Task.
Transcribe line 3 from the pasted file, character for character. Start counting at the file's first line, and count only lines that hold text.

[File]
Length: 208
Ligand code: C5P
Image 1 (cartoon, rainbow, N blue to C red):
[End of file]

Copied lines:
Image 1 (cartoon, rainbow, N blue to C red):